You Are Made for Another World
Why You Like Fantasy: Part 1
Did you know that not everyone likes fantasy? It’s shocking, I know. Well, for those of us who do like fantasy, this post is especially for us. To everyone who dislikes fantasy, perhaps I will make the case someday as to why they need it. But, let me stay on topic for the time being.
My premise in this post is a simple one, namely, that an enjoyment of fantasy fiction (and I would wrap sci-fi into fantasy) is really just a sign of a deeper truth about the human soul. That truth is about who you are as a human being. Someone much smarter than me said it very well:
"Creatures are not born with desires unless satisfaction for these desires exists. A baby feels hunger; well, there is such a thing as food. A duckling wants to swim; well, there is such a thing as water. Men feel sexual desire; well, there is such a thing as sex. If I find in myself a desire which no experience in this world can satisfy, the most probable explanation is that I was made for another world." (C.S. Lewis)
I know lots of folks who would say that reality itself provides more than enough excitement for a man or woman as is, and that another “realm of adventure” is really not necessary. Consequently, many of them don’t care much for fantasy. I agree with them in the sense that life can be crazy, if not well able to consume me at times, like, literally eat me alive, or chew me up and spit me out. When I read a fantasy, it’s not because I wish I could add to my life the stress of being chased by orcs, or having a dragon try to roast me like a duck, but because I have a certain desire to be somewhere I am not. That is the key.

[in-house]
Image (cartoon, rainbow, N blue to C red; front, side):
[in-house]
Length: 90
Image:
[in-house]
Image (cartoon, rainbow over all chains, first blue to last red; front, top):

Have you ever felt as if there is nothing in this world that can truly satisfy one of your specific longings or desires? I’m not talking about simple discontent. I’m talking about that longing that has caused men and women throughout the ages to pursue a life of isolated meditation, god-like feats of endurance, or pleasure to the point of destruction – all in a seeming effort to “find themselves,” or reach a new height.
I have most certainly felt it. I’m willing to bet you have too, in some capacity. I think it is because you and I are human beings - mind, body, and spirit, bound together to make a whole. We live in a temporal, physical world, as eternal, spiritual beings. In this state, it’s as if something is missing, or hidden.
I think Fantasy is a craft that helps us find a piece of that other world, feel it, and even connect the dots that we are very much eternal, spiritual beings. We are here on earth, and we belong here in one sense, but in another, we belong somewhere else. This is not to say of course that all fantasy is healthy or good for consumption, as there are dimensions of spirituality that are not healthy, and maybe even perilous. But even this is something we can learn in part by reading a story that transports us to other places through the cracked door of our imagination.
You and I, my friends, are made for another world, and that other world exists. In going to the world of a fantasy story, we are able to touch some part of it. This is not a desire that should be crushed for its impracticality or danger, but rather a desire that needs to be informed, and directed. If we are made for another world, we will go there someday. Perhaps the bigger questions are, "Which world?" or "Will we be ready?"
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